Sunday, 31 March 2013


Easter turns everything on its head. We go through our lives knowing that some things are so, and they will always be so. And then along comes this man and He challenges our certainties.

Dead is dead. But Jesus was alive after crucifixion and two nights in a tomb.

Women were second class citizens, whose word wouldn't count in court. And yet Jesus chose women to find the empty tomb and be the first witnesses to His resurrection.

Wrongdoing, betrayal, lies don't go unpunished. But Jesus didn't berate His disciples or remind them of their failings; He spoke peace to them and came to them in love.

Second chances are few and far between. But Peter was offered the opportunity to make things right.

Death is the end; it will get us all. And yet Jesus beat death and offers us eternal life.

Will you take the chance in letting Jesus challenge your certainties today?

Friday, 29 March 2013

Good Friday

What does an empty cross tell us?

I have often gazed upon an empty cross at the front of a church and it strikes me that there is no reason for it.

 It doesn't speak of victory or resurrection.

The cross would be empty regardless of whether Jesus would live again or not.

It symbolises only death - a death to come, or a death that has already occurred.

I think of the cross it is meant to represent. Perhaps others had already died on this cross, maybe it had never been used before, but the likelihood is it would be used over and over until it would become impossible to know who had been executed upon it.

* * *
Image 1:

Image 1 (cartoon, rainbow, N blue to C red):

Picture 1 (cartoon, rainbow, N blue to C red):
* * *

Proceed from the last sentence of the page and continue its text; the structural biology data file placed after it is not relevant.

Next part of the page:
A better sign of victory would be an empty tomb, showing that even death could not hold Jesus down.

Instead we see this empty cross devoid of meaning specific to Christ. The crosses of the thieves were empty too, though they did not rise again.
Drawing of the crucifixion, by John of the Cross

My preference is for a crucifix - a cross bearing a statue of the body of the crucified Christ. Not because I enjoy looking upon his tortured and broken form, but because it holds meaning for me.

Are we not called to "preach Christ crucified"? (1 Corinthians 1:23)

Before a crucifix I am reminded that the cross is irrelevant without Jesus. It is not the cross that saves us, but Jesus' death upon it. It was upon the cross that He spoke the words of His triumph over sin: "It is finished." (John 19:30)

Saint Augustine comments on those who stood at the cross of Jesus: "As they were looking on, so we too gaze on his wounds as he hangs. We see his blood as he dies. We see the price offered by the redeemer, touch the scars of his resurrection. He bows his head, as if to kiss you. His heart is made bare open, as it were, in love to you. His arms are extended that he may embrace you. His whole body is displayed for your redemption. Ponder how great these things are. Let all this be rightly weighed in your mind: as he was once fixed to the cross in every part of his body for you, so he may now be fixed in every part of your soul." (GMI 248)

With a crucifix I am able to witness Jesus' wounds, His death, His love, my redemption. I am reminded of the great price paid for me. I can meditate upon the cruelty and the necessity of His death, for without it I would be a slave to all my sin; I would have no hope of a future; I would be lost.

And if there was no death, there could be no victory over it.

I gaze upon the crucifix, upon Christ's battered and broken body, and I wait with all creation for His resurrection.

"Christ of Saint John of the Cross"
Salvador Dali